George Albert Smith, Aug 28, 1947

-- Aug 28, 1947
[Black History] Minutes of the Council of the Twelve and of the First Presidency: Letter read from Elder John A. Widstoe calling attention to the engagement of a young couple, members of the Church, the sister having one thirty-second of negro blood in her veins. Brother Widstoe raises the question as to whether in such cases the individual having Negro blood might be recommended to the temple for marriage. Brother Widstoe states that he informed the couple of the ruling of the Church in the past that any one having negro blood in his veins cannot receive the Priesthood or go to the temple. Council approved the attitude indicated by Brother Widstoe.

(Adam S. Bennion Papers) (1)

-- Oct 9, 1947
[Black History] Minutes of the Council of the Twelve and of the First Presidency: Letter read from Evan A. Borrowman, a stake missionary in the Los Angeles stake, asking questions regarding the Church's attitude toward the negro. Attention was also called to correspondence with O.J. Umondak of Nigeria, Africa, asking that missionaries be sent to the people of that land. Elder Joseph Fielding Smith called attention to the report of the Council of the Twelve under the date of April 23, 1940, reporting on an assignment given by this Council regarding permitting a person to receive the Priesthood who has any degree of negro blood, at which time it was the recommendation of the Twelve that the ruling of the past being that a person with the slightest degree of negro blood cannot receive the Priesthood.

President [J. Reuben] Clark called attention to the sentiment among many people in this country to the point that we should break down all racial lines, as a result of which sentiment negro people have acquired an assertiveness that they become impudent. President Clark again repeated what he had previously said on a number of occasions that in South America, and particularly Brazil, we are entering into a situation in doing missionary work among these people where it is very difficult if not impossible to tell who has negro blood and who has not. He said that if we are baptizing Brazilians we are almost certainly baptizing people of negro blood, and that if the Priesthood is conferred upon them, which no doubt is, we are facing a very serious problem. President Clark said that his heart bleeds for the negroes, that he had had them in his home and some of them were very fine people, that he felt we should give them every right and blessing to which they are entitled.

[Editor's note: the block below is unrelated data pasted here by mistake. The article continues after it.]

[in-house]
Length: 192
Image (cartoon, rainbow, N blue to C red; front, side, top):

He said he was wondering whether we could not work out a plan whereby, while not conferring the Priesthood as such upon them, we could give them opportunity to participate in the work certainly of the Aaronic Priesthood grades.

In connection with this discussion Brother [Joseph] Anderson, at the request of the First Presidency, read to the Council ex[c]erpts from minutes of the Council meeting held May 28, 1879 and June 4, 1879, in which this matter of ordaining to the priesthood brethren with colored blood in their veins was discussed at considerable length and which minutes give among other things [a] copy of a blessing under the hands of Joseph Smith Sr. upon Elijah Abel, a negro.

The suggestion was made that a compilation be made for the Brethren of the Council of all material that can be brought together upon this subject. Elder Stephen L Richards moved that this material be prepared under the direction of the First Presidency in any way they may see fit. Motion seconded and unanimously approved.

It was decided to postpone answer to the letter from Brother Borrowman and also to correspondence from O.J. Umondak of Nigeria, Africa, until the material regarding the negro question has been assembled and the Brethren have had an opportunity to look it over and digest it.

President George F. Richards presented to the Council a question as to whether or not there would be any objection to a Brother Hope and his family (negroes), faithful members of the Church who live in Cincin[n]ati, receiving patriarchal blessing. On motion, duly seconded, it was the decision of the Council that negroes who are faithful members of the Church are entitled to patriarchal blessings.

(Adam S. Bennion Papers) (1)

First Presidency and apostles decide to allow faithful African-American Mormons to receive patriarchal blessings, and Patriarch Eldred G. Smith blesses black couple. (2)

-- Oct 11, 1947
[President George Albert Smith Journal] "Mrs. John M. Cannon came to see me re polygamy cases." (3)

1 - Marquardt, H. Michael, Mormon Central: Excerpts From Minutes of the Council of the Twelve and of the First Presidency, 1879-1947
2 - On This Day in Mormon History,
3 - Journals of George Albert Smith

LDS History Chronology: George Albert Smith

Mormon History Timeline: The life of George Albert Smith